The recipe said to bake for 40-45 minutes, but mine was done perfectly at 35. (I’ve made it twice now and both times it was done right at 35 minutes.) . I let it cool in the pan for 5 minutes, then flipped it over, trying to retain as much of the topping as possible, and watched it cool on the rack, drooling. It smelled fantastic, warm and enticing.
I held out as long as I could, then tasted.
You’d think a carrot tea bread wouldn’t be that exciting, but it is. It’s moist and filling and sweet and spicy at the same time, cakey and decadent-tasting despite the lack of decadence. The topping takes it to the next level, bringing just the right touch of sweetness with a lovely soft crunch. It was a brilliant idea, that oat crumb topping. I salute you and your topping, blogger Susan! Someone I work with who also bakes said it might be the best thing I’ve brought in yet.
My version of Carrot Tea Cake With Oat Crumb Topping (adapted from Sua Sponte Life)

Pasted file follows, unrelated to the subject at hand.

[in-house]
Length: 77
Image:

2/3 + 1/4 cup whole wheat white flour 1/3 cup toasted wheat germ 1 teaspoon baking powder 1/2 teaspoon baking soda 1/2 teaspoon salt 1 1/2 teaspoons ground cinnamon 1/2 teaspoon freshly grated nutmeg 1/4 teaspoon ground ginger 1/2 cup packed dark-brown sugar 1/4 cup unsalted butter, softened 1/8 - 1/4 cup low fat vanilla yogurt 2 large eggs 1 teaspoon vanilla bean paste 1 cup packed grated carrots
topping: 1/4 cup oats 2 tablespoons unsalted butter, melted 2 tablespoons whole wheat white flour 1 tablespoon brown sugar
Heat oven to 350 degrees and spray or grease & flour a 5 x 9 inch loaf pan.
Whisk together the flour, wheat germ, baking powder, baking soda, salt, cinnamon, nutmeg, and ginger.